Red Hook is going back to the salt mines!
A local dock owner is bringing giant piles of rock salt back to the neighborhood for the first time since the last Great Sodium Storm of ’11 — when another terminal left mounds of the mineral uncovered and the granules a-salted local homes and streets. But the businessman swears his operation is totally kosher — he is going to secure the stockpiles down under several layers of canvas.
“No blow,” said John Quadrozzi Jr., the proud owner of the Gowanus Bay Terminal and currently 25,000 tons of salt. “This salt has moisture added, an extra-cost feature so it doesn’t blow during stockpiling. Further, it’s kept covered so that surface drying doesn’t become an issue.”
All that salt — the kind used to de-ice roads after snowstorms — weighs roughly the weight of 3,333 adult African elephants and stands three stories tall, and Quadrozzi is expecting another 45,000 tons by next month.
Quadrozzi previously stored the cubic crystals on his facility at the Ikea end of Columbia Street until 2009, but competing outfit American Stevedoring International, which was then running the Red Hook Container Terminal near Atlantic Basin, lured his contract away that year with the promise of cheaper rates, he said.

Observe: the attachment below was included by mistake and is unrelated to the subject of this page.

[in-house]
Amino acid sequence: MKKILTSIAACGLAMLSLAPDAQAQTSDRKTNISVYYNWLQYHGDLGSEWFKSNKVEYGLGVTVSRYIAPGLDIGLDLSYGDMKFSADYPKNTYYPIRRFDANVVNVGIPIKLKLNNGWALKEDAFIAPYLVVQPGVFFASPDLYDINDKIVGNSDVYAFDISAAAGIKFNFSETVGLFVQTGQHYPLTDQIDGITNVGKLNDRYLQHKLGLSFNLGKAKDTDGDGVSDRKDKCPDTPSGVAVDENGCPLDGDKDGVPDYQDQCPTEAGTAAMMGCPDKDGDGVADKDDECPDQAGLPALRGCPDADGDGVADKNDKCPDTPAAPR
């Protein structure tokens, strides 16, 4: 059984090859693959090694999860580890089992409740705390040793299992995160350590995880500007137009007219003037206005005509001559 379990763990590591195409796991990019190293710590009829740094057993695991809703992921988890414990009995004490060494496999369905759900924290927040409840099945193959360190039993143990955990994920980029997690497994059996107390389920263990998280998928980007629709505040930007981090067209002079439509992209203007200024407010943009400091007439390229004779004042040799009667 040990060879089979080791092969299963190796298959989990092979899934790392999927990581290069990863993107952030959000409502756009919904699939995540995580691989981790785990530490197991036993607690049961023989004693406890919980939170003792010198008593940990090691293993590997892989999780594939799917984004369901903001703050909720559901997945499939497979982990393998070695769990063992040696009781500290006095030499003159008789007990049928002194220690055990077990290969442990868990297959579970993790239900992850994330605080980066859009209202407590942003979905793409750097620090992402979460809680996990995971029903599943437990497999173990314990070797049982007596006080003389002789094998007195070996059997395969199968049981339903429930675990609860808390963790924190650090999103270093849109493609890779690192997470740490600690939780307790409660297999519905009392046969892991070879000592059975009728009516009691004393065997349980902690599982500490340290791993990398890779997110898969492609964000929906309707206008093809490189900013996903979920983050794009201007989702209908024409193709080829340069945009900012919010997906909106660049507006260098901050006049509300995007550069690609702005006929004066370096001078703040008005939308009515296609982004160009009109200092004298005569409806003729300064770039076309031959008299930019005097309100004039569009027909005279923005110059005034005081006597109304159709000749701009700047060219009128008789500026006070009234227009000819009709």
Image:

But the salt dealers — and nearby homeowners — got what they paid for, when for years the company failed to secure the briney bounty and it billowed onto nearby streets, houses, and cars on the nearby Columbia Street Waterfront District, making locals very salty.
The container port stopped importing the mineral after 2011, and Quadrozzi says he has been working to bring it back to his neck of the Hook ever since.
The tycoon claims he currently has around 20 private companies under contract to haul the salt during snowstorms, though he was unable to sell the Department of Sanitation on taking a cut because agency honchos were skeptical the mineral would ever actually materialize on his dock.
Now that he has the salt piled high on his property, Quadrozzi hopes the department will reconsider — though an agency spokeswoman says the city already has around 70,000 tons at other sites around Brooklyn, which should be enough to meet the borough’s de-icing needs this winter.
But the city has been caught short before — a particularly nasty winter in early 2014 depleted local supplies to dangerously low levels and sent rock-salt prices sky-high.
Currently, the city’s only other salt stockpiles are in New Jersey and Staten Island, and it must send trucks to these far-flung lands to replenish its Kings County’s stores.